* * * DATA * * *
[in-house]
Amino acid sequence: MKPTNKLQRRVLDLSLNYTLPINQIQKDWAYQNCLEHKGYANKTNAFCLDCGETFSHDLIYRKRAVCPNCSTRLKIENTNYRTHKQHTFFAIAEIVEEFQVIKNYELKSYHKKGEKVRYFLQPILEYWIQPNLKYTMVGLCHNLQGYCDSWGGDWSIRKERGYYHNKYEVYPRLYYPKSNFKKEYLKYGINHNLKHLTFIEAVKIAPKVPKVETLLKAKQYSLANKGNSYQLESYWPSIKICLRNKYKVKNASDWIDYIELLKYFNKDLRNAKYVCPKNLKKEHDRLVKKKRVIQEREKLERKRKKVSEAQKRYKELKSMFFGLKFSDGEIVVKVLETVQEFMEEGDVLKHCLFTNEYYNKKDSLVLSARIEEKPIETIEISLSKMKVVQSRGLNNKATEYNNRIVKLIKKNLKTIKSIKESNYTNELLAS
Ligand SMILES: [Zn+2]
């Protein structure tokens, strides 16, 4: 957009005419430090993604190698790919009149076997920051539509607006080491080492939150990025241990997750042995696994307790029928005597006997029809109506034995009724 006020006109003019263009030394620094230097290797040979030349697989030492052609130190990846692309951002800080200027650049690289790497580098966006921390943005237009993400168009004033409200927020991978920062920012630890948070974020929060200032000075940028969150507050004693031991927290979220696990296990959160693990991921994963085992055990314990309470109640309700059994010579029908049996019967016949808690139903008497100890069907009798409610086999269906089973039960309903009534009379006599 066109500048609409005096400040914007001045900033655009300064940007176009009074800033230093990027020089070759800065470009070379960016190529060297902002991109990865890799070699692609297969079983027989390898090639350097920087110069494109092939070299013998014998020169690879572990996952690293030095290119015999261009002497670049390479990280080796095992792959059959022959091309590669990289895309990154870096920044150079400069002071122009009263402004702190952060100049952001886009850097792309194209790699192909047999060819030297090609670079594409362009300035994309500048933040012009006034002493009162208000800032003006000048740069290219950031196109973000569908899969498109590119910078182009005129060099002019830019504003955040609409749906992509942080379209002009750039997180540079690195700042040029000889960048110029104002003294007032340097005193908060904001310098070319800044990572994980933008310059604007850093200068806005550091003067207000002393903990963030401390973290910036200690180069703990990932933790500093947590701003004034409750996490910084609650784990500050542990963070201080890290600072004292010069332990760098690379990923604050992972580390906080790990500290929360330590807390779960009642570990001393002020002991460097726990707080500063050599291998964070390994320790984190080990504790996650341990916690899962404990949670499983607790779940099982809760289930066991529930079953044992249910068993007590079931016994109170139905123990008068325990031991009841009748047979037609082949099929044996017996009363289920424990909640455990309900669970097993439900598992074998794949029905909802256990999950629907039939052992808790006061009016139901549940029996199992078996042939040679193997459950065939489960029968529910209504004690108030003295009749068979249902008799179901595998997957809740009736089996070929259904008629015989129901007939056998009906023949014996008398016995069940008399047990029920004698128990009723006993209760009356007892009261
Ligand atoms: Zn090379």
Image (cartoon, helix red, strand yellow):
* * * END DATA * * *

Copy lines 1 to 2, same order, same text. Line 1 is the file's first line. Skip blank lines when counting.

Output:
[in-house]
Amino acid sequence: MKPTNKLQRRVLDLSLNYTLPINQIQKDWAYQNCLEHKGYANKTNAFCLDCGETFSHDLIYRKRAVCPNCSTRLKIENTNYRTHKQHTFFAIAEIVEEFQVIKNYELKSYHKKGEKVRYFLQPILEYWIQPNLKYTMVGLCHNLQGYCDSWGGDWSIRKERGYYHNKYEVYPRLYYPKSNFKKEYLKYGINHNLKHLTFIEAVKIAPKVPKVETLLKAKQYSLANKGNSYQLESYWPSIKICLRNKYKVKNASDWIDYIELLKYFNKDLRNAKYVCPKNLKKEHDRLVKKKRVIQEREKLERKRKKVSEAQKRYKELKSMFFGLKFSDGEIVVKVLETVQEFMEEGDVLKHCLFTNEYYNKKDSLVLSARIEEKPIETIEISLSKMKVVQSRGLNNKATEYNNRIVKLIKKNLKTIKSIKESNYTNELLAS